Workplaces unsafe environments, say female farm workers

Ms Mabutho

WOMEN employed in farms have expressed concern over the violation of their sexual and reproductive health rights, saying their workplaces do not offer a safe environment for them.

Good sexual and reproductive health is a state of complete physical, mental and social well-being in all matters relating to the reproductive system.

It implies that people can have a satisfying and safe sex life, the capability to reproduce and the freedom to decide if, when, and how often to do so.

To maintain one’s sexual and reproductive health, people need access to accurate information and the safe, effective, affordable and acceptable contraception method of their choice.

They must be informed and empowered to protect themselves from sexually transmitted infections.

In interviews on the sidelines of a recent workshop on gender policy which was facilitated by Emthonjeni Women`s Forum, women working on farms in the Umguza District of Matabeleland North province said working on farms is exposing them to many challenges.

They said most of them are not aware of their rights resulting in them being exploited.

“During our monthly cycle sometimes you will not be feeling well and not able to work, but our foremen do not understand. We are forced to work even when we are in pain related to our monthly cycle and the fact that most of the supervisors are men they do not understand us,” said Mrs Siyakhula Nkomo.

“They will tell you that there’s no one to replace you and some men even come to our bathrooms and they will profess that it was a mistake even though the bathrooms are clearly labeled that they are for females.”

She said their wages are also not enough to enable them to meet their family and sexual reproductive health needs.

“I have two girls who need sanitary pads monthly meaning we are three and just making ends meet is a challenge. Working in the farms is labour intensive and there is also sexual abuse from men in positions of power.”

Ms Casandra Ncube echoed Nkomo’s sentiments, saying there are no bathing facilities at their farms forcing most of them to delay changing their pads.

Ms Ncube said they are fearing contracting diseases due to the unhygienic conditions they are exposed to.

“There are no women friendly facilities at the farms where we can bathe during our cycle. Most of us stay far from our work place and we are forced to change the pad once a day because we do not have safe spaces,” she said.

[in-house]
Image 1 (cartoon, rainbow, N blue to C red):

“We start work early and knock off very late and our fear is that most of us may end up being exposed to diseases like cervical cancer.”

Ms Ncube appealed to the National Employment Council and their workers’ union to tackle their challenges.

Emthonjeni Women`s Forum monitoring and evaluation officer Ms Shirley Mabutho said their organisation is focusing on addressing gender equality at works places and held improve the welfare of women.

She said most women on farms are being sidelined when it comes to leadership positions.

“The gender policy which deals with workers at the farms is available but it is not being implemented.

The gender policy says there must be women in leadership positions, but you will find that the ratio of that is very low and as a result women are not represented at the highest level,” said Ms Mabutho.

“You will find that women share bathrooms with men which makes them vulnerable to sexual exploitation and crimes like rape. There are no sanitary bins in their workspaces which also makes it difficult to address the sexual right and reproductive health issues.”

Ms Mabutho said some of the women spend the whole day carrying their used sanitary pads.

“Some employers force women to work even when they are having period pains while most do not pay for maternity,” she said.

Ms Mabutho said there is a need to amend the gender policy so that it addresses mental health issues.

She said due to gender-based violence faced by women some have developed mental issues.

“There are many gaps in the gender policy which necessitated the need for them to be updated now and then. Mental health issues are not included in the gender policy even though many women face gender-based violence at home,” said Ms Mabutho.

“That same woman facing violence at home will be expected to be productive at work which is impossible. There is a need for employers to recognise that domestic violence is a workplace issue as well.”

Ms Mabutho said Emthonjeni Women`s Forum is implementing a five-year programme aimed at promoting gender equality in workplaces.

Chronicle

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